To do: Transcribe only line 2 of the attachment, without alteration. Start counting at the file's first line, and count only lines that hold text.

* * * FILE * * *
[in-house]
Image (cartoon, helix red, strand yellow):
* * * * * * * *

Image (cartoon, helix red, strand yellow):